The task that Zen Master Dogen set for himself was to practice and maintain the buddha-way. For Dogen, practicing and maintaining the buddha-way was to abandon ego-attachment and to follow the instructions of his teacher.
To abandon ego-attachment, he found he needed to put an end to greed. To put an end to greed, he had to abandon egocentric self. Dogen taught that seeing the impermanence of all existence was the primary necessity for abandoning egocentric self. "Truly," he once wrote, "when you see impermanence, egocentric mind does not arise."
Egocentricity is assuming that there is some sort of substantial or even eternal ego or soul existing in the body, which itself is a temporal composite of various elements. Thinking it to be substantial or even eternal, we attach to and identify with that ego or soul. Dogen considered this to be the fundamental delusion. His practice was to see egolessness and the impermanence of all existence, and to live on that basis without greedy desires.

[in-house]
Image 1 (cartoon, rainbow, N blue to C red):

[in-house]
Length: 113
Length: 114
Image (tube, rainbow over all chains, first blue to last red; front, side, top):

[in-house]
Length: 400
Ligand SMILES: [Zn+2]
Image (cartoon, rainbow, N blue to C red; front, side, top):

Those greedy desires manifest themselves in the concrete world by seeking fame and profit. This is why Dogen put such an emphasis on practicing the buddha-way without expecting any reward, especially fame and profit.
For Dogen, one should practiced the buddha-way only for the sake of the buddha-way.